Painter Brushes Off the IRS in Tax Court @BryanTukArtsLaw


Over the last couple of years I have written and talked a lot about labels – what they mean, who imposes them on us, and what labels one uses to describe oneself.  Are you an artist or musician just because you call yourself one?  What steps do you need to take in order to earn that title or label?  What kind of work must you produce to justify calling yourself an artist?

That very issue came up in the legal news this weekend,  in the matter of Susan Crile v. The Commission of Internal Revenue.  While the Crile case was a federal tax dispute between a taxpayer and the IRS, here is what the US Tax Court was asked to consider:  If a taxpayer says she is an artist, but doesn’t make  her primary living from selling artwork, can that taxpayer’s work as an artist be considered his or her profession for tax purposes?

Before we go any further, you may be wondering just what is the Tax Court, anyway?

The US Tax Court is a federal court that has jurisdiction over disputes between taxpayers and the IRS when the IRS determines that the taxpayer has underpaid his or her taxes.   So in other words, if the IRS has determined that you haven’t paid all the tax that you owe, you can take the IRS to court over the issue.

In the Crile case, the taxpayer appealed a decision of the IRS that she couldn’t deduct art-related deductions as business deductions.   If the IRS was correct, Crile would have underpaid her taxes by tens of thousands of dollars.  The IRS’s main argument was that the art related expenses were not proper business deductions because Crile was also employed by Hunter College as a professor, and that painting constituted a hobby, not a profession.  The significance of this is that under Section 162 of the Internal Revenue Code, a taxpayer can deduct from income those expenses which are “ordinary and necessary expenses” incurred in the carrying on of the taxpayer’s business.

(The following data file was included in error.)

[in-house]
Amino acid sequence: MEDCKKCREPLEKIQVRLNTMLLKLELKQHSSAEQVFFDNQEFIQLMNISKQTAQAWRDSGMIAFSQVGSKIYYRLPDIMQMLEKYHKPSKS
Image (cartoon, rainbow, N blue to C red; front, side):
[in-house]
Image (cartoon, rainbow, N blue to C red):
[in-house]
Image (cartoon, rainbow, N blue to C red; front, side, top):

Herein lies a common fact pattern for those engaged in their pursuit of the arts: earning a living at a “day job” while pursuing their passion – painting in Susan Crile’s case – which does not generate enough cash to pay the bills.

Judge Lauber, the Tax Court judge who decided the case, to his credit understood that painting was indeed part of Crile’s profession and ruled that the deductions were proper.

In his written opinion, Judge Lauber noted that: “[Crile’s] artwork hangs in the permanent collections of at least 25 museums. These include the Metropolitan Museum of Art, the Guggenheim Museum, the Brooklyn Museum of Art, the Phillips Collection, the Hirshhorn Museum, and art museums at eight colleges and universities. Museums have a rigorous vetting process for acquiring art. Museum acquisitions boost an artist’s reputation in the eyes of collectors and may contribute to price increases for the artist’s other works.”

For more detail, you can read Judge Lauber’s entire opinion here.

Bryan’s legal practice is focused on business & banking lawnonprofit organizationsfamily lawarts & entertainment law, and arts organization consulting.  He was a TEDx speaker in 2014 on how creative minded people can thrive in the business world and received an Arts Ovation Award from the Allentown Arts Commission in 2015. To contact Bryan about a legal matter, or book Bryan for a speaking or consulting engagement, email him at

 Be sure to check out these other articles by Bryan Tuk

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